CDC Expert Commentary

New Sickle Cell Public Health Initiative

Althea Grant, PhD

Disclosures

January 31, 2011

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Hello, my name is Dr. Althea Grant. I'm an epidemiologist with the Centers for Disease Control and Prevention (CDC). As part of the CDC Expert Video Commentary Series on Medscape, I'm here to speak with you about a new initiative designed to reduce mortality, morbidity, and disability due to sickle cell disease.

In the United States, sickle cell disease affects an estimated 90,000-100,000 Americans. The disease occurs in approximately 1 of every 500 black American births and in 1 of every 36,000 Hispanic American births.

In sickle cell disease, the red blood cells become hard and sticky and look like a C-shaped farm tool called a "sickle." The sickle cells die early, which causes a constant shortage of red blood cells. When the sickle-shaped cells travel through small blood vessels, they get stuck and clog the blood flow. This can cause chronic pain, acute chest syndrome, stroke, and infection among other serious complications. Although symptoms and complications of sickle cell disease can differ for each person and can range from mild to severe, the health problems associated with the disease can be life-threatening. However, fewer than 10% of Americans with sickle cell disease have access to treatment centers that specialize in the management of this disorder and there is a lack of uniform information available about those living with the disease. Thus, there is still much that needs to be done to improve the overall health of persons who have sickle cell disease.

In response the CDC, National Institutes of Health (NIH), and 7 pilot states -- California, Florida, Georgia, New York, North Carolina, Michigan, and Pennsylvania -- are coordinating the Registry and Surveillance System for Hemoglobinopathies (called RuSH). RuSH is a surveillance system designed to collect information on sickle cell disease as well as another red blood cell disorder called thalassemia and their complications. Establishing a surveillance system for hemoglobinopathies is the first step to having a better understanding of how many people are affected by this disorder and their specific healthcare needs.

You can help make this project a success by supporting your state health departments in their data collection efforts when requested and by informing your patients about the surveillance program. The data collected from the RuSH program will be used to:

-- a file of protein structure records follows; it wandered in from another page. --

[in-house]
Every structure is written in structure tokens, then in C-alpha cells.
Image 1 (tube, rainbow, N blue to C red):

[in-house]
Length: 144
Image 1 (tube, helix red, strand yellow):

• Evaluate sickle cell disease and thalassemia treatment services;

  • Develop new interventions and approaches to prevent health complications related to sickle cell disease and thalassemia;

  • Allocate resources for sickle cell disease and thalassemia research and treatment programs; and

  • Calculate a national prevalence estimate for sickle cell disease and thalassemia.

I appreciate how busy you are as a healthcare provider, and fully realize that asking for your participation in this endeavor adds to an already hectic schedule. However, supporting data collection efforts and informing patients with sickle cell disease and thalassemia about the RuSH program will not only help us to better understand these conditions, it will also help us in our prevention efforts in the future. For more information about CDC's hemoglobinopathies surveillance initiative, RuSH, please see the link on this page. Thank you for your time and consideration. We are grateful for your collaboration in this effort.

Web Resources

CDC Sickle Cell Disease

CDC National Center on Birth Defects and Developmental Disabilities, Division of Blood Disorders:

Sickle Cell Disease Association of America

Althea Grant, PhD, is Chief, Epidemiology and Surveillance Branch, Division of Blood Disorders, National Center on Birth Defects and Developmental Disabilities (NCBDDD), Centers for Disease Control and Prevention (CDC). She received her PhD in Biochemistry and Molecular Biology from Emory University. Dr. Grant joined CDC in 2002 as an Epidemic Intelligence Service Officer in the Women's Health and Fertility Branch in the Division of Reproductive Health. From 2004 through 2007, she served as Epidemiologist in the Maternal and Infant Branch, Division of Reproductive Health. In 2007, she became the team leader of the Epidemiology and Surveillance team in the Division of Blood Disorders. In 2010, she assumed the position of Branch Chief of Epidemiology and Surveillance in the same division.

She serves as CDC's Project Director for the RuSH program and develops and oversees programs in several areas of blood disorders including hemophilia, deep vein thrombosis, sickle cell disease, thalassemia, hemochromatosis, and Diamond Blackfan anemia. Her interests include improving our understanding of genetic and environmental risk factors associated with health outcomes for blood disorders. She is the author of several research and reviewed papers.

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